As the action rolls across the blood-stained Iraqi landscape and embraces London’s seedy underbelly, Pierce tangles with the authorities at home and finds himself thrust into the heart of British and American covert operations against Al-Qaeda in Iraq. 

Having set out with little more than ambitious goals and an appetite for risk, can a determined ex-bootneck survive the mounting chaos unscathed and succeed in hitting the jackpot?”

It’s me! I’m back! Did you miss me?  I know Emma was here wasn’t she…talking about murders, detectives, thrillers and horror characters and the ever-growing TBR (honestly it’s huge). Well, she has a well-deserved break today, sitting with her feet up, Kindle on and waiting for the right time to open the wine [DP: What?! Seeing as this review will go live at 7am on a Sunday it’s a little early for that!]! whilst I tell you about something a little bit different!  Appetite For Risk is Jack’s Leavers debut novel, and it is clear this is an author with tales to tell.   Leavers’ novel takes us around Iraq with his main character, John Pierce, an ex-marine turned security consultant who puts in himself in dangerous situations to make money to support his family.  There is a strong air of realism for many of the characters in this book, as though they are closely based on friends of Jack Leavers, the atmosphere and locations he describes also feel so realistic that you are let with a sense of visiting somewhere you have never been.

John Pierce is a great main character.  He is not an all-action hero defeating Al Qaeda with little more than a penknife. He is a normal ex-soldier (if there is such a thing!) with an eye to the future and working hard to create his own business.  There was something endearing about the way John Pierce recognises his weaknesses and failures but cannot always convert them to successes – a realism that is lost in too many books of this genre.

The storytelling is also done well. Jack Leavers gradually lets characters develop in the book allowing you to decide who John can trust and who has more sinister plans.  There were two or three characters I expected to re-appear in the book after certain scenes, but come the end I realised that I had fallen for some clever red herrings.  The end was a surprise for me and I don’t want to provide spoilers but I can say it took me a couple of days to come to terms with it and decide it was clever and probably one of the most realistic endings I had read in a long time.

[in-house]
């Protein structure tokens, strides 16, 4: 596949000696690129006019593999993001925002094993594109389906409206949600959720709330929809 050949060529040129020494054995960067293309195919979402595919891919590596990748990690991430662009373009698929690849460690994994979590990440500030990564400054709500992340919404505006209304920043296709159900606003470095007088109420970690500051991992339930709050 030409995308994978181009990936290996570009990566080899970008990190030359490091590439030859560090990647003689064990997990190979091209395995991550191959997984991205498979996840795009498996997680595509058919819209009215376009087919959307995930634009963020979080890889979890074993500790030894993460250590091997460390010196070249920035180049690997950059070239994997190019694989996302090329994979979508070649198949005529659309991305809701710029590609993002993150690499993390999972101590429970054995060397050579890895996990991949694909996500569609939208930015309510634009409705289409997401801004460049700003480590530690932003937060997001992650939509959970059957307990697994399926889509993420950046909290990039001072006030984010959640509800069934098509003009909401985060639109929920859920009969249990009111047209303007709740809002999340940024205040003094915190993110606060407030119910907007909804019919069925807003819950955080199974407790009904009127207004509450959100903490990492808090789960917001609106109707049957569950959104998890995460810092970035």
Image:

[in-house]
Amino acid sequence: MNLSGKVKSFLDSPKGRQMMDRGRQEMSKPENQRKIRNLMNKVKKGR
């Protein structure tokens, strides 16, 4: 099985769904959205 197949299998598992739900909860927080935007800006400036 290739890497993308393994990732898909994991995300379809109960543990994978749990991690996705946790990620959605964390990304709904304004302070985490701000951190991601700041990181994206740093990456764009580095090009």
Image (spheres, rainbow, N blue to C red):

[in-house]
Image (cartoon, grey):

Would I read a second Jack Leavers book? I would!  I am sure John Pierce has more adventures in him and my suspicion is that Jack himself has more tales he would like to share!  This is a well-told story about one man in a dangerous situation, told by someone you would probably want with you if you were there too!

I read an eARC of Appetite for Risk.  The above review is my own unbiased opinion.

Appetite For Risk by Jack Leavers was published in the UK by the Book Guild on 28th July 2019 and is available in paperback and ebook formats (please note, some of the following links are affiliate links which mean I receive a small percentage of the purchase price at no extra cost to you): | amazon.co.ukamazon.comWaterstonesBook Depository | Goodreads |

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jack leaversJack Leavers is a former Royal Marines Commando with over thirty-years’ experience in the military, private security, corporate investigations, maritime counter-piracy, and risk management. His varied career has included numerous deployments to conflict zones around the world such as Northern Ireland, Bosnia, Iraq, Afghanistan, trouble spots in Africa, and the Somali pirate-infested waters of the Indian Ocean.

He continues to work in challenging environments and has now begun to pen novels inspired by some of the more enterprising projects that got the green light, and other audacious plans that didn’t.

When knuckling down to write, he’s normally based in London, UK.

Website: jackleavers.com
Twitter: @jackleavers